The Toronto Maple Leafs have officially introduced Dion Phaneuf as the team's 18th captain, the first since Mats Sundin had the role.

"The Leafs have had many great players fulfill this role in the long history of the franchise, and we wouldn't be taking this direction if we didn't think it was absolutely the right step," Brian Burke, the club's president and general manager, said Monday in a statement.

"We liked the impact Dion made with players, coaches and fans alike since his arrival and we consider him a building block toward future team success.”

To illustrate the tradition, former Leafs captains such as George Armstrong, Wendel Clark and Darryl Sittler attended the announcement, shaking hands before the TV cameras with the latest to wear the 'C.'

"With this new responsibility, my plan is to be myself," said Phaneuf, 25. "I want to lead on and off the ice. Above all else, the team and winning hockey (games) will be front and centre."

Afterwards, he told reporters that he grew up watching Clark and other NHL stars such as New Jersey Devils defenceman Scott Stevens, trying to learn how they played and led.

Burke said a captain has to deliver a message in both the dressing room and on the ice. "You can't be a good captain unless you're a superior player to start with," he said.

Toronto Maple Leafs coach Ron Wilson said one reason they have hesitated so long in naming a captain is because they wanted someone who could measure up with the great players who have had the title in the past. In Phaneuf, they believe they have that player, he said.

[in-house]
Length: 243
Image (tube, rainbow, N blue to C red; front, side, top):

"Dion represents everything we want a Toronto Maple Leaf player to be," Wilson said.

The Leafs obtained Phaneuf from the Calgary Flames in a multi-player deal on Jan. 31.

In the 26 games he played with the Leafs, Phaneuf scored two goals and eight assists while recording 34 minutes in penalties. He was plus-one.

When Burke took over operation of the franchise, which hasn't won a Stanley Cup since 1967, he said, "We require as a team proper levels of pugnacity, testosterone, truculence and belligerence."

Phaneuf delivered crunching hits on the ice and immediately became a presence in the rebuilding club's locker room.

Defenceman Luke Schenn, who attended the announcement, said Phaneuf was a definite presence in the locker room. "I think sometimes you need that. You need a guy that stands out and can maybe give you a kick in the butt when you need it, but also realizes when things are going well and has positive energy," he said.

The Leafs finished second-last in the 32-team NHL this season and have missed the playoffs for the last five straight seasons. With Chicago winning the Stanley Cup this season, Toronto now has the dubious distinction of owning the longest cup drought in the NHL.

Burke has said he thinks the club, which has undergone significant retooling, will compete for a playoff spot in the 2010-11 season when it starts in October.

New look

Along with the new captain, the Leafs introduced their new jerseys.

The same:

  • two stripes on the arm
  • 11-point Leafs front crest


  • string lace collar replaces v-shaped collar
  • lettering and numbers will be single-layered as the outside trim gets dropped
  • the return of the 1992-2000 shoulder patch

"Our fans were pretty adamant that they missed the waist stripes, they missed the shoulder patch and so we worked with the league to bring it back," said Tom Anselmi, the chief operating officer of Maple Leaf Sports & Entertainment.

These are the first changes to the uniform in three seasons. The fans will first see them in action on Sept. 21, when the Leafs play their pre-season opener against the Ottawa Senators.

The new jersey had a price of $189 at a sports apparel shop at Maple Leaf Square.

With a report from CTV Toronto's Tom Hayes and files from The Canadian Press